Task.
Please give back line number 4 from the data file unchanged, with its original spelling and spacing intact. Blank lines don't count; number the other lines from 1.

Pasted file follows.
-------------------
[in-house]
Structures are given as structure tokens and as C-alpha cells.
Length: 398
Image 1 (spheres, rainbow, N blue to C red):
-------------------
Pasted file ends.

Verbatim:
Image 1 (spheres, rainbow, N blue to C red):